Among all the big titles at Gamescom 2014, we made it a point to fight through the crowds and spend some time with Halo 2: Anniversary. Before we jump into our first impressions however, it's worth recapping what it'll actually bring to fans when it lands on 14 November.
The game will be bundled alongside Halo: CE Anniversary, Halo 3 and Halo 4, with the quartet making up Halo: The Master Chief Collection.
The package will also include access to the Halo 5: Guardians beta when it goes live later on this year, as well as episodes of Nightfall - a digital live-action video series set in the Halo universe.
The main draw of the collection for most Halo fans however, is Halo 2: Anniversary.
For us, Halo 2 was one of the best first-person shooters ever made, and the fact that the anniversary edition's single-player cutscenes have been remastered by Blur (the folks behind the awesome CGI Deadpool footage) has us very excited indeed.
Every game in the collection will run at 1080p, 60fps, but Halo 2 has also been given an anniversary-style facelift. As with Halo CE: Anniversary, the graphics have been redrawn from the ground up, and you can swap between the old and new visuals at the press of a button.
Halo 2: Anniversary's online matchmaking is split into Halo 2 - Remastered and Halo 2 - Classic. The former has six of the best original Halo 2 maps, all of which have undergone the same impressive visual overhaul, with minor tweaks and additions to the layout and HUD.
Halo 2 - Classic matchmaking includes all of the original maps, while still running at a higher resolution of 1080p and 60fps.
Bar the increased resolution and framerate however, the maps retain their original graphical textures, and fan-favourite glitches and quirks such as BXR and rocket jumps remain exactly the same.
We were lucky enough to jump into a Halo 2 - Remastered match on one of our favourite levels, Ascension, now renamed Zenith.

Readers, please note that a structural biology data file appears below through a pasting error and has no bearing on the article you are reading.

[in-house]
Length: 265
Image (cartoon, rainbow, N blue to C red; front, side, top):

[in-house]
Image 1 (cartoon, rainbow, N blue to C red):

The first thing that struck us were the visuals. The Halo universe has never had the gritty grey realistic look of shooters such as Call Of Duty - instead, it's always been about bold, bright and colourful graphics. The good news is that this style looks even better in 1080p resolution and at 60fps, while now running smoother than a greasy grunt at the business end of a banshee.
As we explored the familiar stairways and boulders, a few other changes stuck out. The HUD in the Remastered mode has been updated, reflecting the newer layouts in more recent Halo titles, and weapons now have large 'hold RB to pick up' prompts hovering above them.
Thankfully, though, the layout of the map remains the same. Weapons spawn in exactly the same locations as before, and within minutes both teams were rushing for the rockets and sniper rifle. It felt good to be back.
A new central energy shield which definitely wasn't there in the past threw us initially, but beyond that, we're happy to report that gameplay is just as fun and as hectic as it's always been.
We savoured the ability to dual-wield weapons - a feature that has been absent in all Halo titles post Halo 3 - and revelled in the fact that our favourite combinations worked as well as they ever did; killing enemies with the needler's exploding pink crystals spawned more than a few satisfied smiles.
While we stayed away from the sniper rifle due to rusty technique, we unapolagetically rained havoc on the opposition first with the shotgun and then with the rockets. It wasn't long before we were being mentally transported back to 2004.
Much as we loved the experience, though, it'll definitely take some gamers a bit of time to adjust to it. While modern FPS games let you sprint, for example, Halo 2 has a constant speed. Jumping around feels slower too, as if the gravity has been cranked down slightly.
While this is a little unnerving at first, everyone else is in the same boat. And there are some definite advantages to it. Coupled with our recharging energy shields, we found ourselves living longer than in modern shooters such as Call Of Duty and Battlefield. Living longer = more fun. It's standard gaming mathematics.
So although going back to a ten-year-old game won't appeal to everyone, those of us who grew up with the Halo universe can start getting very excited. Because The Master Chief Collection, and Halo 2: Anniversary in particular, looks like a wonderful addition to a ground-breaking series.